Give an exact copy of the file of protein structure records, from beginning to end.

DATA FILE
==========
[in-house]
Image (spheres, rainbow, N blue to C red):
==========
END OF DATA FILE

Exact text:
[in-house]
Image (spheres, rainbow, N blue to C red):